Philippines: No change in policy rates — BSP
MANILA, Philippines — The Bangko Sentral ng Pilipinas (BSP) decided yesterday to leave benchmark rates unchanged but vowed to keep a watchful eye on inflation.
BSP Governor Nestor Espenilla Jr. said in a press conference the Monetary Board kept the interest rate on the central bank’s overnight reverse repurchase facility at three percent as well as the corresponding interest rates on the overnight lending and deposit facilities.
Espenilla said the reserve requirement ratio was also left unchanged at 20 percent.
“The Monetary Board believes that prevailing monetary policy settings continue to be appropriate,” he said.
Espenilla said the board’s decision was based on its assessment that the inflation environment remains manageable and would remain firmly anchored to the midpoints of the BSP’s two to four percent target over the medium term.
He said the balance of risks to the inflation outlook also continued to be on the upside as the proposed tax reform program could exert potential transitory pressures on prices.
However, the BSP chief said various social safety nets as well as resulting improvement in output and productivity are also expected to temper the impact on inflation.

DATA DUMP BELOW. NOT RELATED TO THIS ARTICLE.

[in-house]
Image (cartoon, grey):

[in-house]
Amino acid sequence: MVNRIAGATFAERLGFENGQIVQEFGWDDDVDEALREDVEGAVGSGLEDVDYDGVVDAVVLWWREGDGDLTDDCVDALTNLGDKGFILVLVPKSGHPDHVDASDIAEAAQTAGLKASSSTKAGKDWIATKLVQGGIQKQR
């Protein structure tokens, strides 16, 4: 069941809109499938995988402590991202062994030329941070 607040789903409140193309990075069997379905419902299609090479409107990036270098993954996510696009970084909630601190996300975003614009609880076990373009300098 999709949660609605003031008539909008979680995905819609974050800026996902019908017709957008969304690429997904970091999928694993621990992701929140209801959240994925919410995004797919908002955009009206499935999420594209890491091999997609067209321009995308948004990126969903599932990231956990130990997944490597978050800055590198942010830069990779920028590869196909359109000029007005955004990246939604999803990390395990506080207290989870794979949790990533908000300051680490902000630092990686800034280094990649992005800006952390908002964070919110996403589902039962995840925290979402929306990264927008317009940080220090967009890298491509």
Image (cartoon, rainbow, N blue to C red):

Espenilla said the outlook for domestic economic activity remains firm supported by positive consumer and business sentiment and ample liquidity.
“At the same time, while prospects for global economic growth have stayed broadly upbeat, geopolitical tensions and lingering uncertainty over macroeconomic policies in advanced economies continue to pose downside risks to external demand,” he said.
Espenilla said the Monetary Board would remain watchful over evolving economic growth and liquidity conditions as well as their implications for price and financial stability.
“Looking ahead, the BSP will continue to be vigilant against any risks to the inflation outlook and will adjust its policy settings as needed to ensure stable prices while supporting sustainable economic growth,” he said.
BSP Deputy Governor Diwa Guinigundo said the Monetary Board as retained the inflation forecast for 2017 and 2018 at 3.2 percent but adjusted the 2019 assumption to 3.2 percent instead of 3.1 percent.
He explained the latest forecast was based on the weaker peso, higher oil prices, high liquidity as well as the recent P21 increase for minimum wage earners in the National Capital Region (NCR) starting October.
The US Federal Reserve left interest rates unchanged but signaled it still expects one more rate hike by the end of the year. The US central bank said it would begin to reduce its approximately $4.2 trillion in holdings of US treasury bonds and mortgage-backed securities in October.
Guinigundo said more than 50 percent probability of a rate hike was assigned for a December meeting of the US Fed as it intends to start adjusting its balance sheet.
“If the balance sheet adjustment is the preferred mode by the US Fed it is going to be very, very gradual. So I think the impact on us will also be not that significant,” he said.